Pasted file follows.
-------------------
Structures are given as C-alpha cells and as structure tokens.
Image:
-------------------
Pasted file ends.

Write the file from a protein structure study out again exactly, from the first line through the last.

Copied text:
Structures are given as C-alpha cells and as structure tokens.
Image: